Post-operative pain leads to increased cost of treatment and length of stay. Anaesthesiologists have conducted numerous studies on ways to increase the duration of the block using various local anaesthetics.[2],[3],[4],[8] They are increasing the duration of analgesia results in patient comfort and convenience in the post-operative period. The possibility of the presence of peripheral opioid receptors has led to the use of various opioids in local blocks in an attempt to increase the duration of analgesia without any increase in the side effects. Completely different results have been reported by numerous studies using different local anaesthetics and opioids.[6],[9]

Dexmedetomidine, an agonist of α2-adrenergic, is a sedative that has analgesic effects when reducing blood pressure.[10] It can prove effective when added to local anaesthetics during peripheral nerve blocks.[11],[12] Magnesium sulphate has analgesic effects.[13] These effects primarily result from the regulation of intracellular calcium; in fact, it is an antagonist of N-methyl-D-aspartate receptors.[13],[14] As such, magnesium can enhance the effect of local anaesthetics. In addition, magnesium improves the quality of intravenous and intrathecal anaesthesia and analgesia.[15],[16] Various studies have shown that magnesium is effective in reducing the time to the onset of the block as well as in increasing the quality and duration of anaesthesia.[13],[16],[17] In addition, the importance of magnesium sulphate as an inexpensive drug in causing post-operative analgesia has been well proven.[4] Adding magnesium to lidocaine during local, intravenous anaesthesia has been shown to reduce tourniquet pain and intraoperative fentanyl use.[4],[18]

Bupivacaine is one of the long-acting local anaesthetics used in the blockade of the brachial plexus. Improving the quality of the effect of local anaesthetics in local and regional blocks, as well as post-operative acute pain management, is very important for patients experiencing pain.[19] Various methods of performing supraclavicular block of the brachial plexus and anatomical variation of this neural network have paved the way for further research.[3],[11]

Different studies[4],[6],[12],[16],[17],[20] have investigated the effect of bupivacaine with dexmedetomidine and magnesium sulphate. Granisetron has also been used as an adjuvant to local anaesthetics in different blocks, but to date, no study has compared the three drugs in the supraclavicular block as the current study. As such, the present study was undertaken in order to compare the onset, duration and quality of supraclavicular block using bupivacaine (0.5%) in combination with dexmedetomidine, granisetron and magnesium sulphate in upper-limb orthopaedic surgery.


  Materials and Methods Top


Study setting

This double-blind clinical trial was conducted on 105 patients scheduled for upper-limb orthopaedic surgery in Valiasr Hospital of Arak, Iran. After being informed of the procedures of the research, meeting the inclusion criteria and signing a written informed consent, the patients entered the study.

Ethical consideration

The study protocol was approved by the Ethical Committee of Arak University of Medical Sciences by IR.ARAKMU.REC.1398.180 code. Moreover, the study protocol was registered and approved in the Iranian Registry Clinical Trial Centre by code number IRCT20141209020258N125.

The inclusion criteria were being within the age range of 20–70 years; American Society of Anesthesiologists grade I and II; of both sexes; candidates for upper-limb orthopaedic surgery; having no more than one fracture on the body or surgery; lack of blood coagulation diseases and disorders in partial thromboplastin time, prothrombin time and international normalised ratio; body mass index <35; no psychological problems; no pregnancy and absence of neurological disorders on the hand. Exclusion criteria included non-cooperation of the patient in performing the block, allergy to the used drugs, failure of the block, duration of surgery more than 150 min, the need for more sedation than stated in the research project and chronic pain syndrome.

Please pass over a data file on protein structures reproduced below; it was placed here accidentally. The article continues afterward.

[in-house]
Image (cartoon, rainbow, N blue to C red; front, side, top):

Intervention

The patients were hospitalised the night before surgery, kept fasting for 8 h and then were transferred to the operating room the next morning. After spotting an intravenous line on the patient's other hand, administering 10 ml/kg of crystalloid serum and initial recording of vital signs (mean arterial pressure [MAP]) including non-invasive blood pressure, Heart Rate (HR) and SaO2, the supraclavicular block was performed on the patient by the anaesthesiologist. In each group, the drugs were prepared by an anaesthesiologist and used to perform the block. It should be mentioned that the medical student collecting the data and the patients were not aware of the groupings.

Midazolam 2 mg/IV was injected into all patients before the blockade. In order to perform the block, the patient was first placed in the supine position. Then, the patient's face was rotated to the opposite side, and the block area was washed with betadine. All blocks were performed by an anaesthesiologist. Blocking was performed with a General Electric ultrasound machine (Voluson E6) and needle no. 18 with a 50-mm length. The needle was inserted by plumb-bob method on the upper edge of the middle part of the clavicle (on the outer edge of the clavicular head of the sternocleidomastoid muscle) in a manner that an ultrasound guide was used to find the desired location.

The patients were randomly divided into three equal groups using the block randomisation method using the relevant software. Random numbers were generated with a block pattern and remained with the epidemiologist co-researcher of the project. At the time of the study, patients were randomly assigned to the respective groups based on the order of their inclusion in the study.

The first group received 25 ml of bupivacaine 0.5% along with 1 μg/kg dexmedetomidine. The second group received 25 ml of bupivacaine 0.5% along with 100 mg of magnesium sulphate diluted with 2 ml of normal saline. Moreover, for the third group, 25 ml of bupivacaine 0.5% with 3 mg (3 ml) of granisetron was administered.